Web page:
It’s the final weekend of the 22nd Annual Sedona International Film Festival for 2016. Check the schedule for the next two days and you’ll find a lineup packed with opportunities to not only see first run features but a chance to play catch up with films that might have slipped by. And if you’re concerned of missing tomorrow evening’s Oscars from Hollywood, the festival can help. You can be a part of Oscar on the Rocks with fellow festival goers at two locations tomorrow evening; the Mary D. Fisher Theatre and Harkins Sedona 6, both at 6pm. As Festival Executive Director Patrick Schweiss said, “We’ve got you covered.”
Look for second showings of Evan’s Crime, Memoria and the locally produced Sacred Journeys, all covered throughout the week in this column, plus this evening, 6pm at the Sedona Performing Arts Center, the Sedona Film Festival honors actor Elliot Gould with this year’s Lifetime Achievement Award, hosted by film critic, Jeffrey Lyons. The evening will include a Q&A with the audience, plus a screening of one of the actor’s favorite films.
In what some may consider a departure from the regular fare of a film festival, later this afternoon at 3pm, Harkins Sedona 6, audiences can enjoy the family friendly horror comedy, Hybrids, the story of two teenagers born of very different parents. How different? Mom is a witch; dad is a vampire, and they all live together in a dreary castle where those late night cracks of lightning are just a regular part of the scenery. But the teenagers – the hybrids of the title – are restless and looking to live a normal life. Possessing the abilities of both parents, teenagers Blaz and his sister Velana flea the discomfort of sleeping in coffins and head to the warmth of Florida. All they want to do is sleep in real beds and act like real teenagers. But there’s always someone, or more importantly, something with two doofus henchmen getting in their way.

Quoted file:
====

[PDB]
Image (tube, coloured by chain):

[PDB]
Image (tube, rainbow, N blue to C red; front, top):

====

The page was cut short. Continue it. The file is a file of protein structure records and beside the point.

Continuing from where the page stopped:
Directed by Tony Randel and written by Tony Schweikle, Hybrids is a genial comedy for the young that knows its target audience and delivers. With its funny though intentionally uncomplicated plot, plus a new twist on what we usually refer to as a hybrid, the film is exactly what you might expect to catch with your children one evening on cable. In addition to the appearance of Paul Sorvino known simply as The Count who introduces the film and sets both the tone and the style of the humor to come, look for a genuinely delightful performance from Leanne Agmon as Velana. In a film populated by comical vampires and witches, Leanne’s rendition of a song called Shadows and Light is truly haunting. Bela Lugosi would be proud.
A film that premiered last evening at the festival will have its second showing today at 3:30pm. Try to include For the Coyotes on your agenda for all the following reasons. Here’s a full review.
The first thing you notice with director/writer Eric Metzgar’s For the Coyotes is just how handsomely shot this widescreen, two-person drama really is. Throughout, due to the film’s deliberate, slow-paced style, we’re continually afforded the luxury of studying all corners of the frame; shots are held for long periods before cutting away.
When we first meet Wendell Pierce (James Carpenter) it’s from what looks like a home movie from 1991, shot while he was a renowned Buddhist teacher, advising his off-screen followers that, “Holding fast to an idea is delusion.” Cut to seventeen years later. An early morning, out of the blue call to his son Josh (Joshua Schell) results with an invitation for the young man to come up to the cabin. It’s an uneasy conversation. “I’d rather talk about it in person,” Wendell tells his Josh. With obvious reluctance, Josh heads to the cabin in the woods.